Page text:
Book 12 (51% in)
  • The footman, having now recovered his legs, shook his head at Jones, and, with a sagacious look, cried—"O d—n me, I'll have nothing more to do with you; you have been upon the stage, or I'm d—nably mistaken."
    Book 13 (33% in)
  • And now, having dismissed the sagacious Partridge, Mr Jones sat himself down to write, in which employment we shall leave him for a time.
    Book 15 (**% in)
  • And here his sagacity must make it needless to observe how artfully these chapters are calculated for that excellent purpose; for in these we have always taken care to intersperse somewhat of the sour or acid kind, in order to sharpen and stimulate the said spirit of criticism.
    Book 16 (3% in)
  • The squire ended his speech with some compliments to his own sagacity; and then Allworthy, after a formal preface, acquainted him with the whole discovery which he had made concerning Jones, with his anger to Blifil, and with every particular which hath been disclosed to the reader in the preceding chapters.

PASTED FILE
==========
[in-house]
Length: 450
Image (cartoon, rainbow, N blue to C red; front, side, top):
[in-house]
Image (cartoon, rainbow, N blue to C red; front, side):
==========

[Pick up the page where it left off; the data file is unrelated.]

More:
Book 18 (63% in)
  • ...and who seemed so eager to rush into each other's arms when so many bars lay in their way, now that with safety they were at liberty to say or do whatever they pleased, should both remain for some time silent and motionless; insomuch that a stranger of moderate sagacity might have well concluded they were mutually indifferent; but so it was, however strange it may seem; both sat with their eyes cast downwards on the ground, and for some minutes continued in perfect silence.
    Book 18 (83% in)

There are no more uses of "sagacious" in Tom Jones.